A new bill in the Michigan House could grant immunity to minors who drink underage.
A House Committee voted unanimously Wednesday to exempt minors from prosecution for underage drinking if they call 911 for medical help.
Spencer Huss is a senior at Marquette Senior High School, and he thinks the bill makes a lot of sense.
"A human life is a lot more important than just getting an MIP or something of that sort," said Huss.
That was a common opinion among high school seniors Wednesday when I asked them about the proposed legislation. An MIP--or Minor In Possession violation--is just a slap on the wrist. If the proposed legislation can save lives, these students are all for it.
"It's a positive if we can save someone's life. And if we can get lives saved without MIPs being distributed to students, and it can encourage them to call 911, I greatly support that," said Alexandra Kitchen, also a Marquette senior.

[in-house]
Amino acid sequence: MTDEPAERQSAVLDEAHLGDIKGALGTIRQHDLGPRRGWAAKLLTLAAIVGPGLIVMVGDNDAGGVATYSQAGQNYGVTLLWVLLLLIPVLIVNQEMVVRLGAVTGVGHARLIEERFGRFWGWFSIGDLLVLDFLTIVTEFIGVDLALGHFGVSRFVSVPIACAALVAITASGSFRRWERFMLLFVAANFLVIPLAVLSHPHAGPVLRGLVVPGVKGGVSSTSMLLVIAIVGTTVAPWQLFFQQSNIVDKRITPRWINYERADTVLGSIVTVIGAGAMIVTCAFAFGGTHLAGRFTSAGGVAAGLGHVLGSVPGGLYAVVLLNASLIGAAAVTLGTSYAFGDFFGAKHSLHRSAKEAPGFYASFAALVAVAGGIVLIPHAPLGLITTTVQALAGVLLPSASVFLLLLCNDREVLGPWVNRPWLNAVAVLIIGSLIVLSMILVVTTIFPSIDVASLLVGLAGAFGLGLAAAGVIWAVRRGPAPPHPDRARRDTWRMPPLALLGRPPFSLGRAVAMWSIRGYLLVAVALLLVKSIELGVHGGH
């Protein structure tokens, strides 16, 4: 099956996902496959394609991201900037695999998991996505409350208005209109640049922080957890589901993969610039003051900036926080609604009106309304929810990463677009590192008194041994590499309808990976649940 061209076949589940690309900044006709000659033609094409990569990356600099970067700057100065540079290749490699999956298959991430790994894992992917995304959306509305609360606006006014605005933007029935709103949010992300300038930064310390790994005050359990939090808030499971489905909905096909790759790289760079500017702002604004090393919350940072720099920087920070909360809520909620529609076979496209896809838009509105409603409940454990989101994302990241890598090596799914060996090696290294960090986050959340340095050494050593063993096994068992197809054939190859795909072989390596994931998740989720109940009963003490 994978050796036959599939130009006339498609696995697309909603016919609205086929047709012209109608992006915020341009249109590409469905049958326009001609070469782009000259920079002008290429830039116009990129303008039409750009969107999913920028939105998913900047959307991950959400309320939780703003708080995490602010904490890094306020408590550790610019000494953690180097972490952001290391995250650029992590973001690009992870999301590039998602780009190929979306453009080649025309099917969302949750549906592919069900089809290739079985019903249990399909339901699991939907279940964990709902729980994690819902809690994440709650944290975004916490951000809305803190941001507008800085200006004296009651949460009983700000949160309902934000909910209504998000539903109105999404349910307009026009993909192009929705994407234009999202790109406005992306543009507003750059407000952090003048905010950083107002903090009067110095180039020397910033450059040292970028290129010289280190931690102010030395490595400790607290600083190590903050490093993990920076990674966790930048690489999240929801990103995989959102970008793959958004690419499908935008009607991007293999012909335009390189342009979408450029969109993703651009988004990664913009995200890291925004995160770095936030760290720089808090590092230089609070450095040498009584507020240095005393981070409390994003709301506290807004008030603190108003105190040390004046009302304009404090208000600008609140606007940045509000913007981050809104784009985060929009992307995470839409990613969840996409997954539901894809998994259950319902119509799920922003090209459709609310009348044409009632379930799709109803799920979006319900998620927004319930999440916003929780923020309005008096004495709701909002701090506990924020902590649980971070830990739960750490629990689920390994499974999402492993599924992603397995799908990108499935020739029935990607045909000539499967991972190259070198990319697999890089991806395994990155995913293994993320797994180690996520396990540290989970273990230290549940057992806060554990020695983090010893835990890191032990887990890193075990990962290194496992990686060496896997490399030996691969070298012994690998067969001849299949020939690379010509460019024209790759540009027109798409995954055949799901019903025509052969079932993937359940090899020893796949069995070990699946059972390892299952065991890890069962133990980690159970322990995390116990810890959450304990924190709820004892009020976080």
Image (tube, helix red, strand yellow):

And that's the idea: if lives are saved, the proposed legislation could work.
In 2005, underage drinkers consumed an estimated 14.5 percent of the alcohol sold in Michigan.
"Underage drinking is a huge problem across the state and across the region. And we want our kids safe. We don't want mechanisms in place that in some way would encourage more abuse," said Jon Hartwig, MAPS Superintendent
The new bill does face some criticism. If it's as easy as a sick call to 911, some say underage drinkers might find a way to abuse the legislation.
"Some individuals would try to use it to their advantage. That's true with anything. But our officers are also well-versed at investigating situations and getting to the bottom of things, and I'm sure that if it is people just trying to get out of something, that we'll look at it closely," said Detective/Captain Gordon Warchock of the Marquette Police.
The vote was 13-0 for approval in Wednesday's House Committee vote. The full House is expected to vote on the bill soon. If approved, it will have to go through the State Senate before becoming a law.